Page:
Then I worked in an electrical engineering company, and during my downtime/lunch-time I dabbled/learned LISP programming (because I found some LISP manuals and realized that the CAD software we’re using can be customized/programmed using LISP). So I made a few programs to automate my work, made me more efficient, so I can go home early and not stay late babysitting some process.

Word spread around, and soon pretty much every engineer in the company was using my set of utility programs… my boss and management found out, and well… decided I’m saving them so much money from not having to pay others overtime pay, that I was kinda made the software developer for the whole company… “Groupware” was the big thing back then, so I made apps in Lotus Notes and also continued making software/utilities to integrate with our CAD system, and make every engineer’s life a bit easier/faster.

Then the Internet happened big, when its been opened to the public and by that time, I am now the company’s Network Administrator. I again setup the whole company with FTP, giving each and every person in the company a dedicated email address (via Lotus Notes messaging) and then setting up a company website. This is a rarity back then. It was the very early days of the Internet. Like the days of SLIP and PPP prototcols.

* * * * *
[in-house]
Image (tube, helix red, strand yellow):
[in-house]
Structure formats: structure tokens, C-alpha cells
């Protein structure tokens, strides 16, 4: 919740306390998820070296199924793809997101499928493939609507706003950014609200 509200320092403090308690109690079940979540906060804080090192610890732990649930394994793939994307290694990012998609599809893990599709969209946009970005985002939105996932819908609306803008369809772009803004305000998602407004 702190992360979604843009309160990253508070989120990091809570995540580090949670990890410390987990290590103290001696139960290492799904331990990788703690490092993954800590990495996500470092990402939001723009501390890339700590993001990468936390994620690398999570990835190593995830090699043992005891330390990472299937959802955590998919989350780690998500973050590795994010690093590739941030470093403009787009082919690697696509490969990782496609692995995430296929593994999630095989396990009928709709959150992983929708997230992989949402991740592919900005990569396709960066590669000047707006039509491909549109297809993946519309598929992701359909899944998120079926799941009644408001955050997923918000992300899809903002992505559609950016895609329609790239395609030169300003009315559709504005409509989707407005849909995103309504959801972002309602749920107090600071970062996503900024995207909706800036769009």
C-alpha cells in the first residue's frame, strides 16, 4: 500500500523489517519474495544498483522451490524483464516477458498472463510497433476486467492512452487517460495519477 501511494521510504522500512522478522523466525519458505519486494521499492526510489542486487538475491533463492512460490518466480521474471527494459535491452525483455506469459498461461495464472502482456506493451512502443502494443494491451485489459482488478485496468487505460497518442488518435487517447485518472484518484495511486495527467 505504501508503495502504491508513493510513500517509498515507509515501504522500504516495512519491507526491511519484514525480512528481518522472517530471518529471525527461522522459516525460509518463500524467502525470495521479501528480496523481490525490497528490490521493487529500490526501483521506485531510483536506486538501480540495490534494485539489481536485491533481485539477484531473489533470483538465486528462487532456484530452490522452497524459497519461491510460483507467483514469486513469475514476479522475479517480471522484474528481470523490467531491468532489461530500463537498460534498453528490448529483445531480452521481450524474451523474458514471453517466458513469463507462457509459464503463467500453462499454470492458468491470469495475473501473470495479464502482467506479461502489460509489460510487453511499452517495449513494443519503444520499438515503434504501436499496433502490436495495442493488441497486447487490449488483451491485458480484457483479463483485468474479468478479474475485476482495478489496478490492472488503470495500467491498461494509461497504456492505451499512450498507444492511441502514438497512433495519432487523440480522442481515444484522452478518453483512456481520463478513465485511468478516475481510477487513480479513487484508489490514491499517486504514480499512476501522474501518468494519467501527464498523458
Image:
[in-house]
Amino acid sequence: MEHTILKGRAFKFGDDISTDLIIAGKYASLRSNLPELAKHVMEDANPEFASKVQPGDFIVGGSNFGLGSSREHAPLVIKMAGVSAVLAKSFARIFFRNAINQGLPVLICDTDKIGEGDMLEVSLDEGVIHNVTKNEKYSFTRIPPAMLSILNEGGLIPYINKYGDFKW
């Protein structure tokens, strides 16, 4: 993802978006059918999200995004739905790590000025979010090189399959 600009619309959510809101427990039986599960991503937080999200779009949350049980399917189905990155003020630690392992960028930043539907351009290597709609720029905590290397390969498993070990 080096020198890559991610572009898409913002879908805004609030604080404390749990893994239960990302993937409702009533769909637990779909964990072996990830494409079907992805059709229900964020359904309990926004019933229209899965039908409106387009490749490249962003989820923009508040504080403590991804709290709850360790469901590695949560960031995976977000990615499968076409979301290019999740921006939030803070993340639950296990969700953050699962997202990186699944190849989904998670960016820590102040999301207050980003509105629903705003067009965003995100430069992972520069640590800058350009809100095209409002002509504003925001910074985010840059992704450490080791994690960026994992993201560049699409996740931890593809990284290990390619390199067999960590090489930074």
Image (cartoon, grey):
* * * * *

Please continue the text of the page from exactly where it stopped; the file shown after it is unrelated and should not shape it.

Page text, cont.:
It is at this point that I became enamored with web development, because it seems a combination of art/design and technical/programming chops. And I was certainly hooked by it. So after work, I’d go home, eat dinner, and spend the rest of the night learning more about graphics/design, programming, html, etc. I began taking side work, developing websites for small businesses at night after my day job and during weekends. Pretty soon, I’m making more money in these web dev side jobs than in my actual day job. By this time, the dot-com boom was in full swing.

Fast forward 2 years, and I’m quitting my day job to devote myself 100% fully to web development and running my own web/internet business.

Same… my wife said I can’t stand doing the same thing for 2-3 yrs in a row. I get antsy and want to move on and do something different. From the sound of it, it seems like you running your own business and doing what you want to do, when you want to do, where you want to do, is the perfect job for you.

That’s what basically I did after quitting my engineering day job… work from home, 100% full time in my own business, doing web dev work and other stuff. Doing this now for 19yrs. running.